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Thursday, the Massachusetts Senate overwhelmingly passed a bill that would bring voting into the 21st century.  The bill allows voters to cast their ballot between 10 and 2 days before an election as well as register to vote online and on Election Day.  The vote was 37 for and 1 against. The Senate bill would allow 16- and 17-year-olds to preregister, and mark a voter as inactive if they have not voted in two consecutive federal elections, rather than if they have not filled out an annual census.  It also gives 17-year-olds in Lowell the opportunity to vote in local elections should Lowell voters approve the proposal. Thankfully, the Senate rejected efforts to require voters to show photo identification in order to vote. Since the Senate bill differs from the House version, they will need to reconcile the two bills before the final bill goes to the Governor.  Reports are that Governor Patrick supports much of the bill. Please thank your State Senator for voting for this bill and if you haven’t yet, please tell your Mass. House Rep. and State Senator to support Instant Runoff Voting (IRV).  IRV would ensure that the winning candidate in any election has to get a majority of the vote, even when there are three or more candidates on the ballot. Thanks to everyone who called their Senator and to the Election Modernization Coalition for their efforts in getting this bill through the House and Senate.

published under Elections, Main Topic | Comments Off on Mass. Senate Passes On-Line Voter Registration

Tell MA Senate To Say Yes To Online Voter Registration!

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Back in November the Massachusetts House has passed a bill that would bring voting into the 21st century.  The two major improvements are early voting and online voter registration. Early voting is a feature that other states have and will make it easier for busy citizens to vote.  As Pirates, it isn’t hard to see that allowing citizens to register to vote online is a significant improvement. The bill is now before the Massachusetts Senate and will be voted on this Thursday.  Please use this Mass. ACLU page to find your State Senator and tell him or her to support it! While you are at it, please go tell your Mass. House Rep. and State Senator to support Instant Runoff Voting (IRV).  IRV would ensure that the winning candidate in any election has to get a majority of the vote, even when there are three or more candidates on the ballot.  It is a 20th century election reform we badly need. Thanks to the Election Modernization Coalition for their efforts in getting this bill so far.  Lets help them make it law!

published under Elections, Main Topic | Comments Off on Tell MA Senate To Say Yes To Online Voter Registration!

Pirate Party Calls For Network Neutrality In Response To Court Ruling

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FOR IMMEDIATE RELEASE: PIRATE PARTY CALLS FOR NETWORK NEUTRALITY IN RESPONSE TO COURT RULING New York, NY – January 14, 2014 – The Pirate Party deplores the decision by the United States Court of Appeals for the District of Columbia to strike down the Federal Communications Commission’s network neutrality regulations on wireline broadband services. In its ruling against the FCC’s Open Internet Order (OIO), the court said “…consumers, of course, have options; they can go to another broadband provider if they want to reach particular edge providers, or if their connections to particular edge providers have been degraded,” edge providers meaning companies and services like Amazon, Netflix, and Facebook. Citing Google Fiber’s entrance into Internet sevice provider market as evidence that the market for ISPs is growing, the court failed to realize that Google’s new service is only available in 3 metropolitan markets in the US, with minimal plans to expand service. “The court’s decision rests on the false assumption that US citizens can choose from a variety of Internet Service Providers in their area. The reality is that 42.9% of U.S. households have access to two or fewer wired ISPs,” said Lindsay-Anne Brunner, Chairperson of the United States Pirate Party. David Kay Johnston, noted tax policy reporter, points out that the telecom companies have been allowed to collect $500 billion over the last 20 years in order to bring American networks into the 21st century. Yet for most Americans, the telecom companies haven’t delivered and US consumers pay four times what the French do, and for fewer services. The lack of competition in our telecom markets is the root cause of this discrepancy. “AT&T Wireless’ plans to charge companies for the right to send video to their customers without chewing up their caps is what happens when telecos can … Read more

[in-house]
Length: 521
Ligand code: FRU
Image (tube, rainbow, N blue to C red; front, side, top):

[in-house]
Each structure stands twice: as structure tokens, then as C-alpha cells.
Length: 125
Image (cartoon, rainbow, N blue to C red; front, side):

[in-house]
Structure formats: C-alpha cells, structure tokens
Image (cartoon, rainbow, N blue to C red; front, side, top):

published under Main Topic, Net Neutrality | Comments Off on Pirate Party Calls For Network Neutrality In Response To Court Ruling

Party with the Pirates at Arisia this weekend!

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Are you ready to get your geek on? Arisia is a multimedia (mostly sci-fi) convention, populated with people who have very Pirate point of view. Just check out some of these panel discussions: Friday 5:30pm – 3D Printing: What’s Next? Friday 10pm – Cosplay vs. Copyright Saturday 8:30am – Art and Copyright Saturday 1:00pm – What Are Makerspaces? Saturday 2:30pm – Arduino For Beginners Saturday 5:30pm – On a (Circuit) Bender Sunday 4:00pm – Wearable Electronics: Beyond Google Glass & What Censorship Is/Isn’t Monday 10:00am – Air Pirates, Parody & the Limits of Free Speech And this year, for the first time ever, the Massachusetts Pirate Party will have a hospitality room on the convention’s party floor in room 454 of the Westin Boston Waterfront hotel, Join us for drinks, snacks, socializing and strategizing: Saturday 1pm – Being watched 24/7: The state of state surveillance 3pm – How to protect your privacy online 5pm – Challenge state surveillance: Run for office! And Joe Guertin’s campaign kickoff! Sunday noon – Being watched 24/7: The state of state surveillance 2pm – How to protect your privacy online 4pm – Open party – Meet the Pirates! 7pm – Open party – Meet the Pirates! (Free snacks and drinks) There is so much going on at the Westin Waterfront this weekend, and the Pirates will be there for you as a place to unwind, and get informed. Please join us!

published under Fun and Games, Main Topic, Out And About | Comments Off on Party with the Pirates at Arisia this weekend!